Accessibility links

World: Irreversible Milestone In Nuclear Age Now Passed

  • Julie Moffett

Washington, 26 August 1998 (RFE/RL) -- The editor of a well-known defense journal says the world has now passed a second "irreversible milestone" in the nuclear age as a result of the nuclear tests by India and Pakistan.

John Eldridge, editor of Jane's NBC (nuclear, biological and chemical) Defense Systems 1998-99, makes the comment in the recently released publication. Jane's Information Group, based in London, is the internationally recognized leader of defense journals and has several publications.

Eldridge says the first irreversible milestone in the nuclear age was the ending of the Cold War, and subsequently, the collapse of the concept of mutual assured destruction. He says the second milestone, now also passed, is the proliferation of nuclear weapons beyond the control of the five existing nuclear powers.

Eldridge explains: "The dangerous barter in nuclear weapons tests during Spring 1998 forced some rapid reappraisal by experts who had to reach into the past for inspiration in dealing with this field."

Eldridge says he believes there are two forces at work influencing the world's course of events. He says the first is the "increasing and uncontrolled access" to nuclear equipment and expertise.

Explains Eldridge: "The division of the former Soviet empire into its constituent parts has been predictably chaotic and acrimonious, allowing old wounds to open, especially along the political fault-lines of the southern edge. Conflicts in countries like Georgia, Azerbaijan and Armenia have certainly allowed the uncontrolled passage of people and equipment with nuclear aspirations."

According to Eldridge, the second force at work is the sudden emergence of a "dangerous nuclear dimension in regional and ethnic disputes" such as those between India and Pakistan.

Eldridge says that after the U.S. dropped the atomic bomb on the city of Nagasaki, Japan during the Second World War, the rules of nuclear deterrence evolved into a "game with clear rules." He says those rules were clearly understood by all the major nuclear players.

But Eldridge warns that the rules are not fully appreciated or adhered to today in the current crisis between India and Pakistan.

He says: "Maturity is absent in the current crisis. Delhi and Islamabad are only 700 kilometers apart. Warning time would be extremely short. The situation will need all the world's collective international expertise and diplomacy to defuse before there is a dangerous outbreak."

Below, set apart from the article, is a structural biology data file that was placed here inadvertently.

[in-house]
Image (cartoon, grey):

Eldridge also writes that the world's armed forces, once concerned only with major radiation problems, now must also begin preparing for low-level radiation accidents.

Says Eldridge: "UN peacekeeping operations seem increasingly likely to involve control of evacuation following a reactor incident or dealing with the downstream effects of collateral military damage to nuclear installations."

Eldridge says that he is also greatly concerned about the "relentless accumulation" of plutonium in the developed world.

According to Eldridge, although plutonium is a by-product of the nuclear power industry, its principle use is in the development of nuclear warheads. Otherwise, he says that plutonium simply exists as a highly toxic waste with which few governments seem to have any kind of strategy for its disposal.

Yet still another critical factor to be considered in the area of nuclear, chemical and biological weapons, says Eldridge, are their potential development and use by terrorists. Eldridge says that in the past, the use of chemical and biological weapons were limited due to problems effectively integrating them into a coherent military strategy.

Eldridge says that countries didn't want to risk using such weapons because they feared retaliation of a similar kind, worried about what effect such an attack would have on military and political alliances, and were concerned that using these kinds of weapons might turn neutral neighbors into hostile forces against them.

But these issues do not concern terrorists, says Eldridge.

He explains: "Usually lacking the coherence of purpose for a proper strategy and placing a low value on human life -- even their own -- terrorist organizations may well see benefit in ad hoc toxic attacks."

As a result, Eldridge urges defense planners to re-focus on deterrence, whether it be against nuclear, biological or chemical weapons.

Eldridge concludes: "It is far more effective to render an attack unthinkable than to face the aftermath. In nuclear, biological and chemical terms, there are immense benefits in a demonstrable capability to defend effectively against an attack. Effective defensive measures are themselves a deterrent."